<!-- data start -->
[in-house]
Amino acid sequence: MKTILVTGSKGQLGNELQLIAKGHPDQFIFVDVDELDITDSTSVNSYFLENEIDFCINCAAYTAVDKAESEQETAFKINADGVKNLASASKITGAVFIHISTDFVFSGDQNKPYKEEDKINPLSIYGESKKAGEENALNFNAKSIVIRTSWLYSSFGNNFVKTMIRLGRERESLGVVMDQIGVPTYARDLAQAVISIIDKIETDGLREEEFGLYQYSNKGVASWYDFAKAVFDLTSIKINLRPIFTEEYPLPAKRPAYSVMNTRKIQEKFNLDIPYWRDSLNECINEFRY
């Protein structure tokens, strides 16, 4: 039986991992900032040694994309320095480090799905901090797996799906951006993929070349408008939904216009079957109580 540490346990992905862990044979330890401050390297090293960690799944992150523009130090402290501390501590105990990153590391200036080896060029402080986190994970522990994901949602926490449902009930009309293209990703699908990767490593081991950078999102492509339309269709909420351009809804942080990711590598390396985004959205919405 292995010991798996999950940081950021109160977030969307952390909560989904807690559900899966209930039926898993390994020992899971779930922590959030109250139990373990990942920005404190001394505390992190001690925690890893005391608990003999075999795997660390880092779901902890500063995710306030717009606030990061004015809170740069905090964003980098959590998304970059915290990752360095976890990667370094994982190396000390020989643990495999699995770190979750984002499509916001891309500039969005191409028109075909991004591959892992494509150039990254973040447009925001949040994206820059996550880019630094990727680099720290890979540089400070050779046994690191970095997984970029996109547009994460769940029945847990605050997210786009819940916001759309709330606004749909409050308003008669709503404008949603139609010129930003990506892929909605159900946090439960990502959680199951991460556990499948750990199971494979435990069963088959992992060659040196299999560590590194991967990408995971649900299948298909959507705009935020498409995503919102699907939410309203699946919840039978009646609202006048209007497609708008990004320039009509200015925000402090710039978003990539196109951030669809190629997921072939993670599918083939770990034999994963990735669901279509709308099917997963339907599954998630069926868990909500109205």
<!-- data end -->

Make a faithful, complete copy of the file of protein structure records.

[in-house]
Amino acid sequence: MKTILVTGSKGQLGNELQLIAKGHPDQFIFVDVDELDITDSTSVNSYFLENEIDFCINCAAYTAVDKAESEQETAFKINADGVKNLASASKITGAVFIHISTDFVFSGDQNKPYKEEDKINPLSIYGESKKAGEENALNFNAKSIVIRTSWLYSSFGNNFVKTMIRLGRERESLGVVMDQIGVPTYARDLAQAVISIIDKIETDGLREEEFGLYQYSNKGVASWYDFAKAVFDLTSIKINLRPIFTEEYPLPAKRPAYSVMNTRKIQEKFNLDIPYWRDSLNECINEFRY
């Protein structure tokens, strides 16, 4: 039986991992900032040694994309320095480090799905901090797996799906951006993929070349408008939904216009079957109580 540490346990992905862990044979330890401050390297090293960690799944992150523009130090402290501390501590105990990153590391200036080896060029402080986190994970522990994901949602926490449902009930009309293209990703699908990767490593081991950078999102492509339309269709909420351009809804942080990711590598390396985004959205919405 292995010991798996999950940081950021109160977030969307952390909560989904807690559900899966209930039926898993390994020992899971779930922590959030109250139990373990990942920005404190001394505390992190001690925690890893005391608990003999075999795997660390880092779901902890500063995710306030717009606030990061004015809170740069905090964003980098959590998304970059915290990752360095976890990667370094994982190396000390020989643990495999699995770190979750984002499509916001891309500039969005191409028109075909991004591959892992494509150039990254973040447009925001949040994206820059996550880019630094990727680099720290890979540089400070050779046994690191970095997984970029996109547009994460769940029945847990605050997210786009819940916001759309709330606004749909409050308003008669709503404008949603139609010129930003990506892929909605159900946090439960990502959680199951991460556990499948750990199971494979435990069963088959992992060659040196299999560590590194991967990408995971649900299948298909959507705009935020498409995503919102699907939410309203699946919840039978009646609202006048209007497609708008990004320039009509200015925000402090710039978003990539196109951030669809190629997921072939993670599918083939770990034999994963990735669901279509709308099917997963339907599954998630069926868990909500109205």